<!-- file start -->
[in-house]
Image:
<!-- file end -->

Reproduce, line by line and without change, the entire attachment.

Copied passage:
[in-house]
Image: